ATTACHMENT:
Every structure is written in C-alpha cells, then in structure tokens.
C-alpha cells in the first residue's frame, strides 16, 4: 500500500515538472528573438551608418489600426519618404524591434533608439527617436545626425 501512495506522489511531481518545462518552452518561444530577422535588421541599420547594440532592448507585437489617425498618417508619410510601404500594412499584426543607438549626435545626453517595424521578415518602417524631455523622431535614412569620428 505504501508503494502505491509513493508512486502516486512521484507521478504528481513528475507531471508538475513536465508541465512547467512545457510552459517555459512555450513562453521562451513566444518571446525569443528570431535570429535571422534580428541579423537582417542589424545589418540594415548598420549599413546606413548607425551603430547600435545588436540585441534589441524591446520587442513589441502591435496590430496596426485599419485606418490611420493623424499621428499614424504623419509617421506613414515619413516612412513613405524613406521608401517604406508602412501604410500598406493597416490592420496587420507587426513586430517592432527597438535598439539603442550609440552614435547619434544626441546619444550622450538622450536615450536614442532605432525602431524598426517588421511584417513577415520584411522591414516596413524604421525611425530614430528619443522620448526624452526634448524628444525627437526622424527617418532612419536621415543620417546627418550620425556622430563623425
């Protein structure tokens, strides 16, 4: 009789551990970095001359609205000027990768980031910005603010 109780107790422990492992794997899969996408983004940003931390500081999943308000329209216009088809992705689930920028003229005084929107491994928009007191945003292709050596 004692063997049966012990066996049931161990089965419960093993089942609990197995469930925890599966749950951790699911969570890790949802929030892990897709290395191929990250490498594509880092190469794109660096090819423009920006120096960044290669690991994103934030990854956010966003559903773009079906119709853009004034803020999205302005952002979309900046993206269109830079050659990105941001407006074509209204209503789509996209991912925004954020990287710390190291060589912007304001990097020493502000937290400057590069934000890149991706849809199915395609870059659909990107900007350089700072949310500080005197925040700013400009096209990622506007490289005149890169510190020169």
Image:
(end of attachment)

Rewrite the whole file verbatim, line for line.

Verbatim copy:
Every structure is written in C-alpha cells, then in structure tokens.
C-alpha cells in the first residue's frame, strides 16, 4: 500500500515538472528573438551608418489600426519618404524591434533608439527617436545626425 501512495506522489511531481518545462518552452518561444530577422535588421541599420547594440532592448507585437489617425498618417508619410510601404500594412499584426543607438549626435545626453517595424521578415518602417524631455523622431535614412569620428 505504501508503494502505491509513493508512486502516486512521484507521478504528481513528475507531471508538475513536465508541465512547467512545457510552459517555459512555450513562453521562451513566444518571446525569443528570431535570429535571422534580428541579423537582417542589424545589418540594415548598420549599413546606413548607425551603430547600435545588436540585441534589441524591446520587442513589441502591435496590430496596426485599419485606418490611420493623424499621428499614424504623419509617421506613414515619413516612412513613405524613406521608401517604406508602412501604410500598406493597416490592420496587420507587426513586430517592432527597438535598439539603442550609440552614435547619434544626441546619444550622450538622450536615450536614442532605432525602431524598426517588421511584417513577415520584411522591414516596413524604421525611425530614430528619443522620448526624452526634448524628444525627437526622424527617418532612419536621415543620417546627418550620425556622430563623425
């Protein structure tokens, strides 16, 4: 009789551990970095001359609205000027990768980031910005603010 109780107790422990492992794997899969996408983004940003931390500081999943308000329209216009088809992705689930920028003229005084929107491994928009007191945003292709050596 004692063997049966012990066996049931161990089965419960093993089942609990197995469930925890599966749950951790699911969570890790949802929030892990897709290395191929990250490498594509880092190469794109660096090819423009920006120096960044290669690991994103934030990854956010966003559903773009079906119709853009004034803020999205302005952002979309900046993206269109830079050659990105941001407006074509209204209503789509996209991912925004954020990287710390190291060589912007304001990097020493502000937290400057590069934000890149991706849809199915395609870059659909990107900007350089700072949310500080005197925040700013400009096209990622506007490289005149890169510190020169």
Image: